ll successful entrepreneurs have a few things in common. Creativity, vision, courage, determination and a few brain cells. The one character that seems to separate the great ones from the “mom and pops,” and perhaps the most important trait of all, is the ability and willingness to listen. Most successful ventures can trace their ultimate victory to a few critical moments when a pieces of direction—from outside of their own cranium—catapulted their projects to higher levels. These businesses all seem to garner strength from sources, both internal and external, that are willing to help with new ideas, tempered advice and guidance. Given the pervasive penchant for hospitality that the South is so famous for, it is no mystery that the entrepreneurial community in Upstate South Carolina is comprised of a wealth of highly skilled and experienced mentors who happily go out of their way to help budding entrepreneurs. In fact, it is safe to state that there are more valuable mentors in our midst than there are viable startup projects. Mentors and advisors give their time and energy to satisfy one single objective within themselves. The simple human desire to share their knowledge and experiences with others in the hopes that they may help someone else achieve their goals. Yet, time and time again, the message never reaches the person to whom it is directed. The attempt to effectively convey solid advice to a needy project is too


Steven Hahn is a former partner in a management consulting firm, and has launched several successful businesses. He presently serves as the Director of Entrepreneurial Systems at the Spartanburg Area Chamber of Commerce.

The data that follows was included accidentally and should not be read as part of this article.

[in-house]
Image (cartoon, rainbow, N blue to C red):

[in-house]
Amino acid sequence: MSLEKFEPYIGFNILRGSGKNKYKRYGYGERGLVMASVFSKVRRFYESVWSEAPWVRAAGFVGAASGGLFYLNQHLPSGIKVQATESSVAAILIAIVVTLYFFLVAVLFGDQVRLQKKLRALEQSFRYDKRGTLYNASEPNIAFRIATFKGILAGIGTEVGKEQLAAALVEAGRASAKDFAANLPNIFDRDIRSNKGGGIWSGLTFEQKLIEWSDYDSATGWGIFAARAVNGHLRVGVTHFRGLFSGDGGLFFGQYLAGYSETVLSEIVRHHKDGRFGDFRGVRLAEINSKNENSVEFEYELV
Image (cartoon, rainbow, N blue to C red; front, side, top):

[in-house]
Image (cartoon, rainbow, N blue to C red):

often hampered by an unfortunate shortcoming in human communication. It becomes a classic case of a flawed system of delivery. Surely, the advice may sometimes be irrelevant, but, in many cases, the entrepreneur is simply not listening. Riddled with misinformation, myth, a lack of specific experience and trapped by a vision much too rigid and narrow for its own good, the entrepreneur is stubbornly unable to comprehend the immense value of the suggestion at hand. A concept can become enormously stronger, an organization more efficient, and a strategy more fruitful when seasoned with expertise, experience and the valuable lessons of trial-and-failure. This is not to suggest a blind following of any and all advice. But, once the source of the opinion has been adequately vetted, it would be wise to rein back one’s obstinacy and consider deeply the guidance of trusted advisors. Determination and vision are essential to the accomplishment of any goal, but good ole’ bullheadedness often keeps the entrepreneur from ever realizing the great financial potential of a solid business idea. Dear entrepreneurs, Your advisors have already been where you are going; they have found those solutions that work— and more importantly those that don’t. Like it or not, they are right more times than not. Sometimes, all you have to do is to listen.